Skip Navigation
Skip to contents

JPMPH : Journal of Preventive Medicine and Public Health



Page Path
HOME > J Prev Med Public Health > Volume 39(4); 2006 > Article
English Abstract Changes in Smoking Status among Current Male Smokers and Factors Associated with Smoking Cessation Success.
Jin Seok Lee, Yangjung Kim, Won Nyon Kim, Seung Sik Hwang, Yong Ik Kim
Journal of Preventive Medicine and Public Health 2006;39(4):339-345
  • 36 Download
  • 0 Crossref
  • 0 Scopus
1Department of Health Policy and Management, College of Medicine, Seoul National University, Korea.
2Department of Economic Policy, Korea University Graduate School, Korea.
3Department of Economics, Korea University, Korea.
4Research Institute for National Cancer Control and Evaluation, National Cancer Center, Korea.

This study (a) investigated the rate of smoking cessation sucess for current male smokers, and (b) identified the factors that are associated with the smoking cessation success. METHODS: Data were collected from four follow-up surveys of 700 current male smokers. The follow-up period was from December 2004 to June 2005. Success of smoking cessation was defined as "maintaining a smoking cessation status for six months". The demographic and socioeconomic factors included age, the household income level and, occupation. The smoking behavioral factors were composed of the amount of smoking, the duration of smoking, the age of initiating smoking, the willingness to quit, the frequency of trying to quit smoking and the smoker`s attitude toward the anti-smoking policies. RESULTS: The proportion of quitters increased from 6.6% to 11.0% during the follow-up period. The majority of quitters answered that the increase of tobacco price acted as cue to achieve smoking cessation. The agestandardized experience and success rate of smoking cessation were 16.0% (95% C.I.=13.0% to, 19.0%) and 4.5% (95% C.I.=3.0% to, 6.0%), respectively. On the multivariate analysis, success for smoking cessation was associated with the willingness to quit smoking, low prior tobacco consumption, and agreement on the tobacco price increase. CONCLUSIONS: The results of this study suggest that the recent anti-smoking policies provided an opportunity to quit smoking. The results of this study can be used to establish evidence for further anti-smoking policies.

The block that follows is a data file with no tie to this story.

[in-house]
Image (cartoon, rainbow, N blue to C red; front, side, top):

Related articles

JPMPH : Journal of Preventive Medicine and Public Health